The physicians are trained to manage complex medical illnesses, which helps maintain continuity, ensure care is provided in a culturally and linguistically appropriate setting, and avoids unnecessary referrals to specialists. When referrals outside the clinic are necessary, they are carefully coordinated, often include a translator, and are stratified by urgency. To ensure continuity of care, the physicians take the time to brief other providers on their patients, and send translators to the hospital when needed to help patients overcome language barriers.
Two referral coordinators and a ‘closing the loop’ staff member ensure that all patients attend their appointments with specialists, and that the clinic receives information after the appointment. Urgent referrals and diagnostics tests have a two-week flag attached to them. If the expected information is not received within the two-week period, the ‘closing the loop’ staff member will follow up with the patient by phone or contact the specialist directly.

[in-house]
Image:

The Center ensures patients’ social and behavioral needs are met through a social services team that addresses non-medical needs, such as maintaining health insurance coverage and selecting a physician. In addition, because mental health care is stigmatized and rarely sought out in the Asian community, the practice screens patients for mental health issues during their required annual physical. Three psychiatrists, one psychologist and two social workers are available on-site to treat mental health needs in a culturally sensitive manner.
Eugene Welch, executive director, answers questions about SCCHC’s model for providing high-quality care while keeping costs low.
Q: Your practice has outstanding patient access. Why is this so important to your patients?
A: “We have found that if our patients can access the Center whenever they need to and speak with someone in their native language, we can triage them much better. We can determine immediately if a hospital visit is needed, and if it is, prepare the hospital with medical records and a translator before sending the patient. If the Center is closed, we can still triage over the phone using our 24-hour access line; and with technology, we can access patient medical records in the EMR via laptop or smart phone. We have one of the lowest emergency department usage rates in the area, because we are available to our patients all day, every day.”